According to Table 4 (p. 478), patients (n = 135) score a mean of 22.39 on the Hamilton Depression Rating Scale (HDRS) with a standard deviation of 3.69, whereas healthy controls (n = 117) score 3.67 on average (SD = 3.11). The weighted mean standard deviation is (117 * 3.11 + 135 * 3.69) / (117 + 135) = 3.42. The difference of the mean values is 22.39 – 3.67 = 18.72. the effect size of depression is 18.72 / 3.42 = 5.47.

        Similarly, the Hamilton Depression Inventory 17 (HDI-17) indicates 3.99 (SD = 2.99) for the control group and 22.22 (SD = 5.12) for major depression. In this case, the weighted mean standard deviation is (117 * 2.99 + 135 * 5.12) / (117 + 135) = 4.13, the difference of the mean values being 22.22 – 3.99 = 18.23. Here, the effect size of depression is 18.23 / 4.13 = 4.41.

        As for schizophrenia, I failed to figure out concrete numbers and only found this paper:

        In Fig. 1 (, you see Positive and Negative Symptom Scale (PANSS) average for healthy controls and early course and chronic schizophrenia patients (just ignore the ketamine groups for this purpose). The authors don’t mention raw numbers even in the supplementary info, but from visual inspection the mean values for PANSS total scores seem to be ~30, ~71 and ~61, respectively. In the text, they mention the effect size of early stage vs. chronic schizophrenia to be d = 1.3. So, if we assume the pooled standard deviation to be 7.7 (roughly (71 – 61) / 1.3), we get effect sizes of (61 – 30) / 7.7 = ~4.0 for chronic and (71 – 30) / 7.7 = ~5.3 for early stage schizophrenia.

        tl;dr: Effect sizes for the raw disorders seem to be about 4.4 – 5.5 for depression and 4.0 – 5.3 for schizophrenia.

        Compare that to the effect sizes of the most effective drugs (amitriptyline with d = 0.48 according to Cipriani’s recent meta-analysis and clozapine with d = 0.88 according to Leucht’s 2013 meta-analysis).

        If you calculate the crude ratios, this signifies ~9% (0.48 / 5.47) to ~11% (0.48 / 4.41) and ~17% (0.88 / 5.3) to ~22% (0.88 / 4.0) symptom reduction with the most effective available drugs for depression and schizophrenia, respectively.

        Psychiatric pharmacotherapy apparently has a bunch of HUGE problems right now. And psychological treatments do not seem to fare any better, frankly. If anybody remedies from depression or schizophrenia to a meaningful extent at this stage, this is most likely due to spontaneous remission and maybe placebo/non-specific effects, not the actual treatment.

        • Douglas Knight says:

          I wouldn’t call 1995 very old.

          • Richard Roman says:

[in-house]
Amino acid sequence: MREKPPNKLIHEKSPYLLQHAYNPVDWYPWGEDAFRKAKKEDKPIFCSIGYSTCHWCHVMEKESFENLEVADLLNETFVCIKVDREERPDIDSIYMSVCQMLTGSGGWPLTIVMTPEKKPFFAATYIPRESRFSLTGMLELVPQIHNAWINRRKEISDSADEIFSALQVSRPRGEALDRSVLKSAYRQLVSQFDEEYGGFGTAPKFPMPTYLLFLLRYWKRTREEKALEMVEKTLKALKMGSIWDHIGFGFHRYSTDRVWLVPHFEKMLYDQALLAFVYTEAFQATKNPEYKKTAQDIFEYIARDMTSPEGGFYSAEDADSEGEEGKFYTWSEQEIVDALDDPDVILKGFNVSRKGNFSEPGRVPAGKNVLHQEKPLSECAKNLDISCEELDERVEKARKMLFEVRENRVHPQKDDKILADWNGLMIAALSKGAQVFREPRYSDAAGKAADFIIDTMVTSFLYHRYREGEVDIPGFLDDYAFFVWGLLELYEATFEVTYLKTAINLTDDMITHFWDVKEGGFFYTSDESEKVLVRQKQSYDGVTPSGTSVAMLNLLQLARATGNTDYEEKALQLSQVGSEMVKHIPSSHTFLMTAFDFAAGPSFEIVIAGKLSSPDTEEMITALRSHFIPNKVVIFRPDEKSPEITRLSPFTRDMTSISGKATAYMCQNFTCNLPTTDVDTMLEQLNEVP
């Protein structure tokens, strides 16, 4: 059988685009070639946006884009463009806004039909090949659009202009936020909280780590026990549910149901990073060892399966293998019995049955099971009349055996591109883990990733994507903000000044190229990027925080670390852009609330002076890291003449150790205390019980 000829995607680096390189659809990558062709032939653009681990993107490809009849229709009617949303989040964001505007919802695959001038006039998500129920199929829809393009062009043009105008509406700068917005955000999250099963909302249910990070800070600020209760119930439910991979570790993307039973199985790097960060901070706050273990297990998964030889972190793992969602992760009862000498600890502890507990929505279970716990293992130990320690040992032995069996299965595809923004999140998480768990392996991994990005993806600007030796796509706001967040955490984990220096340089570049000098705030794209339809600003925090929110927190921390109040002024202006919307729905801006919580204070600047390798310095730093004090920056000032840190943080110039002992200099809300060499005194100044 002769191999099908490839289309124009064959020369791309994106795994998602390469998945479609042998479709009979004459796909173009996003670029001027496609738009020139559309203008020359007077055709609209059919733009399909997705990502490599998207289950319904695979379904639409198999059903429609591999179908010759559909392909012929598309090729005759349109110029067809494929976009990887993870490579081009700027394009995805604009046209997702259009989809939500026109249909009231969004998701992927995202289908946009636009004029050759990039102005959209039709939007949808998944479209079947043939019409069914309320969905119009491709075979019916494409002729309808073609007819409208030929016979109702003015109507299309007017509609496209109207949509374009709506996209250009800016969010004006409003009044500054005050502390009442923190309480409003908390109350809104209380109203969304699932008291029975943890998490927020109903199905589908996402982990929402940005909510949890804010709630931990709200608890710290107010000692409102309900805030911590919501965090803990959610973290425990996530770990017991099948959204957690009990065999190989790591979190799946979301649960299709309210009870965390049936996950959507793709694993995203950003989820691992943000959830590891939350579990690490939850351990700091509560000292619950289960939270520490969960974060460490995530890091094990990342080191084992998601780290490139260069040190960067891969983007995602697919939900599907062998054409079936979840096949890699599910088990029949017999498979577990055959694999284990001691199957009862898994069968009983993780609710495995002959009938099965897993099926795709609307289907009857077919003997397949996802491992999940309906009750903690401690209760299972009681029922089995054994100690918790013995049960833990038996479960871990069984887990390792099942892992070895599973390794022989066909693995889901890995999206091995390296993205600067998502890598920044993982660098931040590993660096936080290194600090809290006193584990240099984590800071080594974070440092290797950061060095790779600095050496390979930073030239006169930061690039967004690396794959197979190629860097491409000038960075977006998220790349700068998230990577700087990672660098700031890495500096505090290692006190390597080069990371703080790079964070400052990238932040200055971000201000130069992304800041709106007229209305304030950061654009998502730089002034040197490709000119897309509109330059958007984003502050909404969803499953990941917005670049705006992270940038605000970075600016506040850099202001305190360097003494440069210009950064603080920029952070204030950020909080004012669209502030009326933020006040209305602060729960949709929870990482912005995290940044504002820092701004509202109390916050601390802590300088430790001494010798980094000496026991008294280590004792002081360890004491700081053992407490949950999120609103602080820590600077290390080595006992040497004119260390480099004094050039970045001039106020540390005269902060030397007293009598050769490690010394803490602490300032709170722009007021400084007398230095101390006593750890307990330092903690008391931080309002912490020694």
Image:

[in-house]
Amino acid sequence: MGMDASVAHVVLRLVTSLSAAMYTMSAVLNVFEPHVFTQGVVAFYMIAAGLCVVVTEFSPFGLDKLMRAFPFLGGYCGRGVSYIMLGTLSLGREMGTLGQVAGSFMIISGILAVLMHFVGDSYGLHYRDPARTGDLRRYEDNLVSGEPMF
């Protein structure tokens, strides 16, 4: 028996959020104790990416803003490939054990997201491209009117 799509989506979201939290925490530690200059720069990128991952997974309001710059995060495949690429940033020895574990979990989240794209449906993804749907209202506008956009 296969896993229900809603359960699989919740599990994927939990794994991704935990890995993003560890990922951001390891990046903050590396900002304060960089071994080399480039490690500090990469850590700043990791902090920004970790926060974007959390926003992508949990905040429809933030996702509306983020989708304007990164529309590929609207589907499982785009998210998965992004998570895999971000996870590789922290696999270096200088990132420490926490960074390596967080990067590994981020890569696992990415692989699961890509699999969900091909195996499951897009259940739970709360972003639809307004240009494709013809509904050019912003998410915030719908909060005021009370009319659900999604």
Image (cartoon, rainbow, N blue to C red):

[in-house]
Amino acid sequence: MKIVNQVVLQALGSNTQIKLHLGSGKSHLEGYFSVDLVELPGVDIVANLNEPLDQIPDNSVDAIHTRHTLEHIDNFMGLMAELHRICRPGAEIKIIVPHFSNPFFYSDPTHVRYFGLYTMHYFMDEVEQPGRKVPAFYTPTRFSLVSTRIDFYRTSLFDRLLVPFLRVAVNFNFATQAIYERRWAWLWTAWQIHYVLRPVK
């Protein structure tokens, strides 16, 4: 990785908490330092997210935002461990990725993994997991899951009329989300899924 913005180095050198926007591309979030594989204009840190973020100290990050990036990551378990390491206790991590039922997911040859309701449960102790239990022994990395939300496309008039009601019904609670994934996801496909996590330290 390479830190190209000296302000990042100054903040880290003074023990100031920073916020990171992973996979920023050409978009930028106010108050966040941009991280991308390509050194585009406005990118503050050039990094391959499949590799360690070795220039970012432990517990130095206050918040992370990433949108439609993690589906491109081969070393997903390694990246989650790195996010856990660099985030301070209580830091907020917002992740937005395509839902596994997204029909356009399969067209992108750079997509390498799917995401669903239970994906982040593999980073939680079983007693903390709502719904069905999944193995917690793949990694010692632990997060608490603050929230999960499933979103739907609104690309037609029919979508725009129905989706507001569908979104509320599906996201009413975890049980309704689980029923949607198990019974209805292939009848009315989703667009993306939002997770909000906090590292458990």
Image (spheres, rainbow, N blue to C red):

I wish I could provide some better data, with larger sample sizes especially, but these papers are the only ones I’ve found so far.

            Cohen’s guidelines for interpreting effect sizes (0.2 = small, 0.5 = moderate, 0.8 = large) are largely bogus for medical statistics.

            It is just far more reasonable to compare the effect sizes of the treatment that is to be examined with those of:
            a) the raw disease (standardized mean difference between patients and healthy controls)
            b) the natural course/regression to the mean of the untreated disease within the time of a typical trial
            c) placebo and other non-specific effects

            In order to be considered effective, a particular treatment has to alleviate a noticeable and relevant proportion of overall symptoms AND be at least non-trivial when compared to the natural course. (The later is another concern for SSRIs, Kirsch’s 2008 meta-analysis found an 0.92 effect size for natural course + placebo, which is about thrice the effect of SSRIs.)

            On a side note, a little thought experiment: Let’s assume SSRIs’ antidepressant effects turn up cumulatively all within a single time frame and there are no placebo effects or spontaneous remissions. Now, patients take their SSRI for a month (no delayed onset either). How many completely symptom-free/asymptomatic days could they expect on average?

            Given the ~6.8% (0.30 / 4.41, see the comment above) symptom relief by SSRIs, the estimate is about two days (0.068 * 30 days = 2.04 days) of a whole month. But in order to achieve that outcome, they’d be required to take their SSRIs regularly throughout the month and experience possible adverse effects for the whole time.